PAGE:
A typical day as a newbie writer: sit down at the computer, start writing.

At least, that’s what I did two years ago. I got an idea and I didn’t stop to think: is this a good idea? Is it marketable? Has anyone written something like this before? Nope. I just wrote, motivated by my muse.

And perhaps this was good back then. I was honing my skills, finding the right words, crafting sentences, building stories.

But they were looooong stories. At an average 1,500 words my tales were neither picture books nor chapter books. I insisted I was writing picture storybooks, and I used Patricia Polacco’s body of work as an example of how my stories could be published, not realizing, c’mon, she’s PATRICIA POLACCO.

It took me a while to learn to THINK before I write.

An idea begins. I ponder it. I write down the initial concept. What is my topic—what is this story about on its surface? Bulldozers or ballet dancers or dragons? What is at its heart? Is it about friendship or fitting in or family? Who is my character and what does he want? What is my hook? Can I boil the concept down to one line?

Then I research. Is there anything similar already published? If so, I’ve got to change it up a bit. Or let it go.

I ask myself these important questions:

  • Is this picture book marketable?
  • Will someone pay $16 to buy it?

Granted, these are difficult questions to answer objectively. Of course you want to believe that everyone will buy your book! But as a mother of two picture book age kids, I know this isn’t the case. If we don’t love reading the book over and over again, I won’t buy it. I try to use my motherly instinct to answer these questions and I think of my other parent friends. (And then I stalk parents in the bookstore and ask them what they think. No, just kidding. But I’m tempted.)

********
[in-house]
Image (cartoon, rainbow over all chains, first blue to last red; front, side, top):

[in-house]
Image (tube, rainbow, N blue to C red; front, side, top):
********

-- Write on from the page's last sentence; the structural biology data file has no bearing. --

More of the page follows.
If I can’t answer “yes,” the idea gets filed away for the future, when I can perhaps transform it into something more extraordinary.

If I do answer “yes,” (or even “maybe”) then I create a brief outline or I just write. And I keep the proper length in mind: 500 to 700 words.

Some writers may call this process stifling. But I call it smart. Because if you want to be published, you have to examine these elements before you write. Because although picture books are short, they don’t take a short time to write.

Sure, you may pump out a first draft in a few days, or even less, but picture book revisions could go on for weeks, months, even years until you get it right. You whittle down the length so every word packs a punch, while still presenting a compelling page-turner, full of illustrative potential. (Which means you have to leave some things unsaid.) With all that time invested in a product you want to sell, you’re playing Russian roulette if you haven’t researched the story’s potential first.

It took me a while to learn this, to realize this, so I’m just paying it forward. Many of you are probably nodding your head in agreement. And maybe some of you are waving a finger at me for being a creativity killer.

In any case, I’m eager to hear from both sides! Think or write? Or a hybrid of both?